This is a blog for students and adults who want to ponder the benefits of exercise, fitness and strength training and their implications for life beyond the momentary endorphin rush or the pursuit of some physical aesthetic ideal. The views and opinions expressed in this blog are founded on several years of personal experience, observation, trial and error (lots of the latter) and study. This is the first of a biweekly series of blogs written by Mick Fuller.
Are you a functional human? To answer that question honestly and accurately, you need to understand how it addresses a central truth of human experience. Every person, at any given moment in life finds himself in one of two categories; he is either functional or dysfunctional. To be functional is to operate well and effectively according to a particular design, plan or set of priorities. A functional tool is useful and effective in the task for which it was designed.
The more robust the tool is, either in strength or complexity (depending on what is needed for the task), the more effectively it can perform its function. A functional hammer drives a nail. A functional sledge hammer drives a wedge or a stake. The hammer is sufficient to drive a nail but is dysfunctional when used to drive a stake; the sledge hammer is the more functional tool for that job. A functional tractor pulls things. The average riding mower functions well for mowing the yard and pulling small loads but not robust enough and therefore dysfunctional if you try to make it pull a grain combine.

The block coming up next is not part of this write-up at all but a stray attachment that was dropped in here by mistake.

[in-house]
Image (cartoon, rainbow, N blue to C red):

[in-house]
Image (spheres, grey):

A functional person, likewise, accomplishes the tasks he faces in life in a way that brings benefit and value to himself and his community. Different tasks require different abilities and levels of effort. Every person faces many, perhaps hundreds, of distinct tasks each day that he must apply his abilities and effort to.
The more robust he is mentally, physically and emotionally, the more effective he will be in accomplishing all those tasks, creating value in himself, for himself and for his community.